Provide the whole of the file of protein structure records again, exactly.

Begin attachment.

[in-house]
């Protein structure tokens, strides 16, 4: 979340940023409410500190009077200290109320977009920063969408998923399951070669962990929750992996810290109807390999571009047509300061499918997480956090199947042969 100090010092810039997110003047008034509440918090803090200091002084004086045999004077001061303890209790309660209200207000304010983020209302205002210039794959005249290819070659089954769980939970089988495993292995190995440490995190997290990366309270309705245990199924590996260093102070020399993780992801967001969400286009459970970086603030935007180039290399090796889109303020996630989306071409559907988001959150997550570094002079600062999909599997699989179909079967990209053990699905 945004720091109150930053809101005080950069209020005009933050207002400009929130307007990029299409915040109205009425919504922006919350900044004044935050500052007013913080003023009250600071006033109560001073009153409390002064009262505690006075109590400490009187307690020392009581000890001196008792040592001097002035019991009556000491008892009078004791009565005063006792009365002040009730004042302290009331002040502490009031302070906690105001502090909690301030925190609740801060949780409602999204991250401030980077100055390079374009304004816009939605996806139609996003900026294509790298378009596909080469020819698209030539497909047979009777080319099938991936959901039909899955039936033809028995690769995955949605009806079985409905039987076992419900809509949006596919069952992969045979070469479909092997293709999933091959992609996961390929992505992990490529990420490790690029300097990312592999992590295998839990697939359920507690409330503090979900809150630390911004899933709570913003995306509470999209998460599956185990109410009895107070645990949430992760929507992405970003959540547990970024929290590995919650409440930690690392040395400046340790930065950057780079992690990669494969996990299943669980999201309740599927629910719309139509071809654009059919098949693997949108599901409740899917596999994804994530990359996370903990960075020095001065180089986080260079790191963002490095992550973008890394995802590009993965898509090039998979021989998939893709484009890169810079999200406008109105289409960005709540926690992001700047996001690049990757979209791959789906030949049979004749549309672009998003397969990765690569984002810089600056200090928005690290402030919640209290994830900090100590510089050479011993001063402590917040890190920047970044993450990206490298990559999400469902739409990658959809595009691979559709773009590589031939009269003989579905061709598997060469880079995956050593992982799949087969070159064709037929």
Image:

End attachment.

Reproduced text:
[in-house]
């Protein structure tokens, strides 16, 4: 979340940023409410500190009077200290109320977009920063969408998923399951070669962990929750992996810290109807390999571009047509300061499918997480956090199947042969 100090010092810039997110003047008034509440918090803090200091002084004086045999004077001061303890209790309660209200207000304010983020209302205002210039794959005249290819070659089954769980939970089988495993292995190995440490995190997290990366309270309705245990199924590996260093102070020399993780992801967001969400286009459970970086603030935007180039290399090796889109303020996630989306071409559907988001959150997550570094002079600062999909599997699989179909079967990209053990699905 945004720091109150930053809101005080950069209020005009933050207002400009929130307007990029299409915040109205009425919504922006919350900044004044935050500052007013913080003023009250600071006033109560001073009153409390002064009262505690006075109590400490009187307690020392009581000890001196008792040592001097002035019991009556000491008892009078004791009565005063006792009365002040009730004042302290009331002040502490009031302070906690105001502090909690301030925190609740801060949780409602999204991250401030980077100055390079374009304004816009939605996806139609996003900026294509790298378009596909080469020819698209030539497909047979009777080319099938991936959901039909899955039936033809028995690769995955949605009806079985409905039987076992419900809509949006596919069952992969045979070469479909092997293709999933091959992609996961390929992505992990490529990420490790690029300097990312592999992590295998839990697939359920507690409330503090979900809150630390911004899933709570913003995306509470999209998460599956185990109410009895107070645990949430992760929507992405970003959540547990970024929290590995919650409440930690690392040395400046340790930065950057780079992690990669494969996990299943669980999201309740599927629910719309139509071809654009059919098949693997949108599901409740899917596999994804994530990359996370903990960075020095001065180089986080260079790191963002490095992550973008890394995802590009993965898509090039998979021989998939893709484009890169810079999200406008109105289409960005709540926690992001700047996001690049990757979209791959789906030949049979004749549309672009998003397969990765690569984002810089600056200090928005690290402030919640209290994830900090100590510089050479011993001063402590917040890190920047970044993450990206490298990559999400469902739409990658959809595009691979559709773009590589031939009269003989579905061709598997060469880079995956050593992982799949087969070159064709037929």
Image: